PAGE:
There is a program call the Fair Food Program (FFP) developed by the Coalition of Immokalee Workers, a worker based human rights organization.  They describe the FFP as “a unique partnership among farmers, farmworkers, and retail food companies that ensures humane wages and working conditions for the workers who pick fruits and vegetables on participating farms. It harnesses the power of consumer demand to give farmworkers a voice in the decisions that affect their lives, and to eliminate the longstanding abuses that have plagued agriculture for generations.”

It’s pretty simple. Retail food companies agree to pay $.01 more per pound for tomatoes (or an agreed to amount for other fruits or vegetables). That money goes into a pot to increase the wages of the workers and pay for programs/legal help for any abuses that occur to the workers.  Growers agree to implement the Fair Food Code of Conduct on their farms, to cooperate with monitoring, and pass along the Fair Food Premium to their workers.

There is also a Fair Food Standards Council that monitors the development of a sustainable agricultural industry that advances the human rights of farmworkers, the long-term interests of growers, and the ethical supply chain concerns of retail food companies through the implementation of the Fair Food Program.  It’s really a win-win-win-win for growers, retailers, farmworkers, and consumers.

Sadly, two big companies are missing from the list of participating retail food companies that participate in the program – Kroger and Wendy’s. Neither has agreed to purchase from Fair Food suppliers and/or pay the additional penny per pound for their tomatoes.  This is why many are boycotting Wendy’s and Kroger and letting them know about it by giving a letter to the management of their local outlet.  Giving up your favorite grocery or fast food store might be tough but consider how hard it is to grow and harvest the food we eat. It’s time to let Kroger’s and Wendy’s know that we want farmworkers to be treated with the dignity they deserve.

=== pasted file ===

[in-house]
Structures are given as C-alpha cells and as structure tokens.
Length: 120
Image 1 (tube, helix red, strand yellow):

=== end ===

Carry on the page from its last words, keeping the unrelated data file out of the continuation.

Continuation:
(Copies of letters you can use for Wendy’s or Kroger’s are in the Justice Updates for May 7, 2019.)

Posted in News, Peace & Justice Blog

Dominican Sister of Peace Dorothy Dolores Lorio

Sr. Dorothy Lorio

Dominican Sister of Peace Dorothy (Mary Timothy) Lorio (81) died at the Mohun Health Care Center in Columbus, OH, on April 15, 2019.

Sr. Dorothy, or Sr. Dottie, as she was known, was born in 1938 in New Orleans, LA, the eleventh of Marie Toups and Philip Lorio’s twelve children.

Sr. Dorothy attended a Catholic primary and high school, which must have helped inform her decision to enter religious life. When she entered the Congregation in 1957, she asked to enter for “personal sanctification and the salvation of souls”- goals to which she remained dedicated for her entire life.